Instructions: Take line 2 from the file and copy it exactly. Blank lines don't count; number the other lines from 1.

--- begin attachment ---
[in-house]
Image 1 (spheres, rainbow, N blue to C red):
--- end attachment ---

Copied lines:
Image 1 (spheres, rainbow, N blue to C red):